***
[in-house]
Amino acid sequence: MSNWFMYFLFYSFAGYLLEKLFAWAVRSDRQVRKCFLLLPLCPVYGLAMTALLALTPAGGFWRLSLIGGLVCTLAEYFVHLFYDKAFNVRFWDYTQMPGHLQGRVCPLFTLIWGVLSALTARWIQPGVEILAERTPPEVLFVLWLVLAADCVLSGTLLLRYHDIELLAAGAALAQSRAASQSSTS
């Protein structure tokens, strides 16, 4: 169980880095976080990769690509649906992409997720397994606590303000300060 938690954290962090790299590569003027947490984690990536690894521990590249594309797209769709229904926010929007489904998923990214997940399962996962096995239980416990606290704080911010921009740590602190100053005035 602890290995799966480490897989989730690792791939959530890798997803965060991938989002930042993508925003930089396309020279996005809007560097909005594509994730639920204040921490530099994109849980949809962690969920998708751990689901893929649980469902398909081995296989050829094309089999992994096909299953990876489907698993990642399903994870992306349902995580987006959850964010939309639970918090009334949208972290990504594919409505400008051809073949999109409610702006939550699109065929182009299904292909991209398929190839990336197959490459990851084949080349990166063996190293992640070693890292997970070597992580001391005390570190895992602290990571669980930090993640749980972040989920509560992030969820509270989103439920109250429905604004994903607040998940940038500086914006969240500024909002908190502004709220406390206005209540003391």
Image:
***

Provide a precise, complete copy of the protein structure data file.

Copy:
[in-house]
Amino acid sequence: MSNWFMYFLFYSFAGYLLEKLFAWAVRSDRQVRKCFLLLPLCPVYGLAMTALLALTPAGGFWRLSLIGGLVCTLAEYFVHLFYDKAFNVRFWDYTQMPGHLQGRVCPLFTLIWGVLSALTARWIQPGVEILAERTPPEVLFVLWLVLAADCVLSGTLLLRYHDIELLAAGAALAQSRAASQSSTS
């Protein structure tokens, strides 16, 4: 169980880095976080990769690509649906992409997720397994606590303000300060 938690954290962090790299590569003027947490984690990536690894521990590249594309797209769709229904926010929007489904998923990214997940399962996962096995239980416990606290704080911010921009740590602190100053005035 602890290995799966480490897989989730690792791939959530890798997803965060991938989002930042993508925003930089396309020279996005809007560097909005594509994730639920204040921490530099994109849980949809962690969920998708751990689901893929649980469902398909081995296989050829094309089999992994096909299953990876489907698993990642399903994870992306349902995580987006959850964010939309639970918090009334949208972290990504594919409505400008051809073949999109409610702006939550699109065929182009299904292909991209398929190839990336197959490459990851084949080349990166063996190293992640070693890292997970070597992580001391005390570190895992602290990571669980930090993640749980972040989920509560992030969820509270989103439920109250429905604004994903607040998940940038500086914006969240500024909002908190502004709220406390206005209540003391």
Image: